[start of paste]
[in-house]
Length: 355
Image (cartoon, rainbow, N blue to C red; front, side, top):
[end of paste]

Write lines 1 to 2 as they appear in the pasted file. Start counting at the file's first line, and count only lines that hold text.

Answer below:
[in-house]
Length: 355